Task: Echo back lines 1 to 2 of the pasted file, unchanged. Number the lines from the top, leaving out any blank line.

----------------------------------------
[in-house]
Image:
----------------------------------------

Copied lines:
[in-house]
Image: